Harry Styles, the Duchess of Cambridge, David Beckham, Miley Cyrus...and the Widdup family - everyone is addicted to loom bands
- Credit: Archant
Ellen Widdup’s 2.4 Children
My house is covered with tiny elastic bands.
They are in the cracks of the sofa, scattered across the kitchen table, in shoes, in the washing machine. I even found two in my knickers drawer.
“Sorry,” said my daughter, not sounding it, when I found six more in my bra. “I will make you a loom band to make up for it.”
Which seemed like a pretty good apology to me, since I hadn’t a clue how to do it myself.
If you don’t know what a loom band is, you need to consult the nearest six-year-old immediately.
This is the big thing of the summer – and although it started as a child’s toy, the rubber band bracelets are now the must-have accessory for everyone.
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I have one of my very own – thanks to my moaning about the mess. And my husband wears his – a rainbow-coloured plait ? under his grey suit when he commutes into the city every day.
Even my father, who has just celebrated his 65th birthday, is sporting one.
My daughter has 15.
If you ask me, the mark of any good playground craze is how long it takes to be banned. Which is why it came as no surprise to me that on the day my daughter went into school with her entire collection up her wrists, the kids were told they should henceforth be left at home.
Nothing fuels a fad like a bit of adult disapproval, however, and I believe the plastic bracelets are now being traded surreptitiously out of the pockets of gingham dresses like some sort of kindergarten black market.
It’s no wonder, really.
After all, Harry Styles wears one.
And if One Direction think it’s cool, so does every girl between the ages of five and 15.
No school rule will ever stand in the way of a trend which has gained such an impressive celebrity following.
David Beckham, DJ Mark Ronson, Fearne Cotton and Miley Cyrus have also jumped on the bandwagon.
Even the Duchess of Cambridge and her mother-in-law, the Duchess of Cornwall, have been seen at social engagements with a stretchy band around their royal wrists.
Kate was gifted the charm by young girls during her spring tour of New Zealand, and we can only assume the same of Camilla, who proudly sported hers when touring Canada a month later.
Making a bracelet involves weaving tiny, colourful rubber bands together on a loom or your fingertips.
Patterns vary from simple single bands, or “Loosey Gooseys”, to the more complex fish tails and railroads. A pack of 1,800 of the tiny rubber circles can cost as little as £1.99 and they come in a host of colours, with glitter, neon, scented and glow-in-the-dark alternatives. In the last week, sales of the product have soared and all 20 of the best-selling toys on Amazon are looms or loom-related.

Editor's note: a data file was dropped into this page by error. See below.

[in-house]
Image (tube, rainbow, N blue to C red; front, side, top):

Creator Cheong Choon Ng, a Malaysian-born, Michigan-based designer, has now made a small fortune with only YouTube marketing behind him – making the loom band a word-of-mouth hit.
The last time I remember a craze reaching such epic proportions was the introduction of the Tamagotchi in 1997.
My little brother had three of these key-ring-sized gadgets that allowed schoolchildren to manage the lives of a virtual pet. These, too, were banned from the school gates, which meant my mother had to feed, clean and chat to these creatures, using a series of tiny buttons, until we returned at 3.30pm. Other playground trends I recall include marbles, hula hoops, yo-yos, mini skateboards for your fingers, Pogs – the round disks you scattered with a “slammer” ? and the impossible Rubik’s Cube.
In this era, where our children are consumed by technology, do their homework on iPads, chat with friends online and are spoilt for choice when it comes to computer games and TV channels, electronic fads tend to be more prevalent.
Which makes it even more wonderful that simple rubber bands are now the big thing.
It’s an old-fashioned, inexpensive craft activity that will no doubt continue to fill the long hours of school holidays and weekends to come.
But of course, as with any fad, it will end eventually.
And this might not be so bad when you consider that there is just one caveat to loom bands: they are not environmentally friendly.
This is something my husband pointed out when my daughter was engrossed in weaving her 16th band.
“You realise these are not bio-degradable,” he said, pointing at her pile of plastic.
“What does that mean?” she asked, barely pausing to look up.
“It means they will last forever,” he replied.
“I thought you cared about environmental issues,” he said.
“Oh I do,” she replied. “But I don’t think anybody will be stupid enough to throw them away.
“And anyway, as long as One Direction are still wearing theirs, I will be wearing mine.”
It seems the fate of the fad – and the rest of humanity – now rests in your hands, Harry.
Find me on Twitter @EllenWiddup.
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